Factors enhancing vulnerability to HIV and AIDS to residents of central division, Moyale district Kenya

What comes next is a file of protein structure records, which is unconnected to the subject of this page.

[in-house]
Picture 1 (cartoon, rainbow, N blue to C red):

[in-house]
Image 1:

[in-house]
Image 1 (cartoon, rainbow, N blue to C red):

The global pandemic of HIV and AIDS has now entered its third decade. It is now estimated that more than 33 million people are living with HIV and AIDS worldwide and 6800 and over 5700 new infections and deaths reported each day respectively, imposing a high burden on health infrastructure and continuing to reverse decades of hard-earned economic and social development gains. In sub Sahara Africa, the most severely affected region in the world, more than 60% of hospital beds, are occupied by persons with HfV related diseases. It has been widely recognized that in order to haveeffective prevention programmes for HIV and AIDS, the broader determinants of health must be addressed. The purpose of the study was to establish factors enhancing vulnerability to HIV and AIDS among residents of Central Division, Moyale District. A descriptive cross sectional study design was employed and data collected using questionnaires, key Informant Interviews and Focus Group Discussion. Data was analyzed using SPSS. A total of 318 respondents were recruited from 7 randomly selected sub locations. Slightly over 59.4% of respondents were male, and 40.6% were female. About 55.8% had attained secondary level education, 22.6% primary level, ] 9.4% tertiary level and 2.1% had not received any formal education. The study found out that there was generally low level of knowledge towards HlY and AIDS in the study area. A positive correlation between attitude arid knowledge was revealed in the study (a = 0.446, p<O.OOO; correlation significant at 0.01; 2 tailed). A number of social cultural and religious practices that enhance vulnerability to HIV and AIDS were identified which included multiple sexual partners, poor and low levels of condom use, early marriages for girls, divorce, FGM, polygamy, wedding and child naming ceremonies, traditional midwifery and surgery, cross border commercial sex and married couples allowed to have extra-marital relationship traditionally, Slightly less than a half (45%) of respondents were found to be having more than one sexual partner. There was a significant difference between condom use during sexual intercourse and the respondents' sex (X2=15.l34, df=l, p=O.OOO). There was also a significant relationship between respondents' monthly income and condom use (X2=03.297, df=4, p=O.OOO). There were still strong misconception about the causes and ways to prevent oneself from HIV and AIDS. The study recommends that governmental and its partners intensify basic education and dissemination of information to enhance awareness about HN and AIDS. Community mobilization to eliminate socio-cultural and religious practices enhancing vulnerability to HIV and AIDS should be initiated by government and its partners. Future interventions should seek to address contextual limitation such as -household poverty, inadequate services and gender inequality to be able to achieve and sustain the desired impact.